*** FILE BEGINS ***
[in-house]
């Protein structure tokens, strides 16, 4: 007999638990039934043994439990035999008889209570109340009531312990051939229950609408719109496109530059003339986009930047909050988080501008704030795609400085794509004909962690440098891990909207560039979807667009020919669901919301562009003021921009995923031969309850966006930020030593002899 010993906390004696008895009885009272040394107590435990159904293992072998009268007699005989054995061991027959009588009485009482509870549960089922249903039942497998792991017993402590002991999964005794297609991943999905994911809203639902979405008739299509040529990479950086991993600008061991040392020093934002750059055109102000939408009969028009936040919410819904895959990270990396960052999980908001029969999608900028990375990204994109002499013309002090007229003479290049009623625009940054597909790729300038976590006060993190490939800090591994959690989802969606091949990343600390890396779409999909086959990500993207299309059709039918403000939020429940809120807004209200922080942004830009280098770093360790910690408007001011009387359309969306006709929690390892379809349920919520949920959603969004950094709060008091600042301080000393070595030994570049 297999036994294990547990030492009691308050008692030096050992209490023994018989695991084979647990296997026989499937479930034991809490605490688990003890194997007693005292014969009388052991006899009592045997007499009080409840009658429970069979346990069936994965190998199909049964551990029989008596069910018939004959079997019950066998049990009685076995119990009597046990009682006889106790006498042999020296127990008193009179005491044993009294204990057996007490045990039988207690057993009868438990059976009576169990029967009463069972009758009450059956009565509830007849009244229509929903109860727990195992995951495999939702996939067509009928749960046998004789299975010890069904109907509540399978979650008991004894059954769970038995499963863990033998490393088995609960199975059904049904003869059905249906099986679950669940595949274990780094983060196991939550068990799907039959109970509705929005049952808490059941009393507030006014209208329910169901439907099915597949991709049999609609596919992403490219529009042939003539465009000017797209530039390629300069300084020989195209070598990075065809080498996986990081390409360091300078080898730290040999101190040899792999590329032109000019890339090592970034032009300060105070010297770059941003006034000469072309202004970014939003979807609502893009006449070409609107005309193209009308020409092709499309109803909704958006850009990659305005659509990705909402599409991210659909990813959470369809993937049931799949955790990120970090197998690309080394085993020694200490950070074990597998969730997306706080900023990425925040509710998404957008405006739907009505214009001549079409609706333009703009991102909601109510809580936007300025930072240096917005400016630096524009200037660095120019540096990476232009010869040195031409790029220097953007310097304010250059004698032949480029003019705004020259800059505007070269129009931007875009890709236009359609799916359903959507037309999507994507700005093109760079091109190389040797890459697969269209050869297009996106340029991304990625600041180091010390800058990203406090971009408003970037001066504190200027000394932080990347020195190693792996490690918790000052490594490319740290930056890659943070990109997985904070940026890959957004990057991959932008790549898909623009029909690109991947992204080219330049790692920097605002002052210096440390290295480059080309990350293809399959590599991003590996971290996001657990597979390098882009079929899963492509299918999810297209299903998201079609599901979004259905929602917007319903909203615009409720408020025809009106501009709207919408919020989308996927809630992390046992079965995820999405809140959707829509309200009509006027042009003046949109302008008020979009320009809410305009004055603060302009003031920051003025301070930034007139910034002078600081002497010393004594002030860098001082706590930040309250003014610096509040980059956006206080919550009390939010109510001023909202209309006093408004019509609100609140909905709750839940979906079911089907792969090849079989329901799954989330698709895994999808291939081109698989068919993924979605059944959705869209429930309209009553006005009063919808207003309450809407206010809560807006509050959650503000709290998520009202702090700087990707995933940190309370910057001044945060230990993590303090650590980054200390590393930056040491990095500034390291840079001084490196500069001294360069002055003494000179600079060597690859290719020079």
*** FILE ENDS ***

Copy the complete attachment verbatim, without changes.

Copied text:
[in-house]
């Protein structure tokens, strides 16, 4: 007999638990039934043994439990035999008889209570109340009531312990051939229950609408719109496109530059003339986009930047909050988080501008704030795609400085794509004909962690440098891990909207560039979807667009020919669901919301562009003021921009995923031969309850966006930020030593002899 010993906390004696008895009885009272040394107590435990159904293992072998009268007699005989054995061991027959009588009485009482509870549960089922249903039942497998792991017993402590002991999964005794297609991943999905994911809203639902979405008739299509040529990479950086991993600008061991040392020093934002750059055109102000939408009969028009936040919410819904895959990270990396960052999980908001029969999608900028990375990204994109002499013309002090007229003479290049009623625009940054597909790729300038976590006060993190490939800090591994959690989802969606091949990343600390890396779409999909086959990500993207299309059709039918403000939020429940809120807004209200922080942004830009280098770093360790910690408007001011009387359309969306006709929690390892379809349920919520949920959603969004950094709060008091600042301080000393070595030994570049 297999036994294990547990030492009691308050008692030096050992209490023994018989695991084979647990296997026989499937479930034991809490605490688990003890194997007693005292014969009388052991006899009592045997007499009080409840009658429970069979346990069936994965190998199909049964551990029989008596069910018939004959079997019950066998049990009685076995119990009597046990009682006889106790006498042999020296127990008193009179005491044993009294204990057996007490045990039988207690057993009868438990059976009576169990029967009463069972009758009450059956009565509830007849009244229509929903109860727990195992995951495999939702996939067509009928749960046998004789299975010890069904109907509540399978979650008991004894059954769970038995499963863990033998490393088995609960199975059904049904003869059905249906099986679950669940595949274990780094983060196991939550068990799907039959109970509705929005049952808490059941009393507030006014209208329910169901439907099915597949991709049999609609596919992403490219529009042939003539465009000017797209530039390629300069300084020989195209070598990075065809080498996986990081390409360091300078080898730290040999101190040899792999590329032109000019890339090592970034032009300060105070010297770059941003006034000469072309202004970014939003979807609502893009006449070409609107005309193209009308020409092709499309109803909704958006850009990659305005659509990705909402599409991210659909990813959470369809993937049931799949955790990120970090197998690309080394085993020694200490950070074990597998969730997306706080900023990425925040509710998404957008405006739907009505214009001549079409609706333009703009991102909601109510809580936007300025930072240096917005400016630096524009200037660095120019540096990476232009010869040195031409790029220097953007310097304010250059004698032949480029003019705004020259800059505007070269129009931007875009890709236009359609799916359903959507037309999507994507700005093109760079091109190389040797890459697969269209050869297009996106340029991304990625600041180091010390800058990203406090971009408003970037001066504190200027000394932080990347020195190693792996490690918790000052490594490319740290930056890659943070990109997985904070940026890959957004990057991959932008790549898909623009029909690109991947992204080219330049790692920097605002002052210096440390290295480059080309990350293809399959590599991003590996971290996001657990597979390098882009079929899963492509299918999810297209299903998201079609599901979004259905929602917007319903909203615009409720408020025809009106501009709207919408919020989308996927809630992390046992079965995820999405809140959707829509309200009509006027042009003046949109302008008020979009320009809410305009004055603060302009003031920051003025301070930034007139910034002078600081002497010393004594002030860098001082706590930040309250003014610096509040980059956006206080919550009390939010109510001023909202209309006093408004019509609100609140909905709750839940979906079911089907792969090849079989329901799954989330698709895994999808291939081109698989068919993924979605059944959705869209429930309209009553006005009063919808207003309450809407206010809560807006509050959650503000709290998520009202702090700087990707995933940190309370910057001044945060230990993590303090650590980054200390590393930056040491990095500034390291840079001084490196500069001294360069002055003494000179600079060597690859290719020079």